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Friday, January 4, 2013

Jimmy Carter Museum

Our first stop in Atlanta was the Jimmy Carter Library & Museum, something both Katrina and I have been looking forward to.  This is the second presidential library for me, but the fourth for Katrina because she went to JFK's library on her spring break this year and last year she went on a Civil Rights Pilgrimage as part of a class at UWEC and they visited Clinton's library while in Little Rock.

I'm going to deviate from my usual style a bit on this post and have more emphasis on written information than photos.  If you're not in the mood for a history lesson you might want to skim through, but I'll try to be as succinct as possible and there will be a few personal tidbits thrown in to make it less dry.

Carter's library was laid out very well, and we saw a little bit about his childhood before backtracking and watching the movie which was narrated by Martin Sheen.  The movie was incredible, and I had to hold back tears a few times.  It was difficult times during Carter's presidency, but the first thing that brought me to tears was their description of his early life in the south. The Carters owned a peanut farm and even though they were living in the segregated south Jimmy learned by example of his parents that the current racial conditions were not morally acceptable.  Jimmy's mother was a former nurse and crossed the then-strict lines of segregation in 1920s Georgia by counseling poor African American women on matters of health care. Jimmy grew up playing with and working alongside the black children of the tenant farmers and these days influenced his sudden decision to enter into politics and stand up for civil rights issues.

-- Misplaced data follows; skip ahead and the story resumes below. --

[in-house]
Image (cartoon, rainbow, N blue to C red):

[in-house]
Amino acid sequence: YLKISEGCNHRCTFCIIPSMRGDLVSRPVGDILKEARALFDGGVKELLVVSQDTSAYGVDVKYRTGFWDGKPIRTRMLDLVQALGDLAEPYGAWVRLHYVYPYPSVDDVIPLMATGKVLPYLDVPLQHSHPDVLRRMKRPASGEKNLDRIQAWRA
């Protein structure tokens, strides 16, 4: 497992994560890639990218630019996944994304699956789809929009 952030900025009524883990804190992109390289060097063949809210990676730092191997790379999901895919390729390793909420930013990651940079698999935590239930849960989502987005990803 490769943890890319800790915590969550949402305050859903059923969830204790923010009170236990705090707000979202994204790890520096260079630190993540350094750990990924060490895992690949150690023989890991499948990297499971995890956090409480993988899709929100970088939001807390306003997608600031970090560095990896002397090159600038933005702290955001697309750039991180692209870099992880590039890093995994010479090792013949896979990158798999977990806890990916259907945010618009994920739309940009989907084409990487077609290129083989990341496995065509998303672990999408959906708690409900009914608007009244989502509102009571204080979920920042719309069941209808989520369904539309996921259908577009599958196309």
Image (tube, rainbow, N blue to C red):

His enjoyment of and concerns for the environment, his farming expertise, his keen business sense, and his later interest in civil rights were developed as he mopped cotton, hunted doves, worked in the fields, raised stock, operated his father's store on the farm, and interacted with his father's employees.

For more on his childhood days see this great site or this one!

Jimmy was an excellent student, and his interest in the Navy began as a boy reading the letters home from his Uncle Tom Gordy. After high school he won an appointment to the U.S. Naval Academy in Annapolis and began a long career in the Navy.  It was during this time that he met his wife, Rosalynn and they were married in 1946.  Lieutenant Carter chose submarine duty, and was satisfied with his Naval career. When his father died of cancer in 1953 he decided to resign from the Navy and go home to help his family run the peanut farm which was in danger of being lost.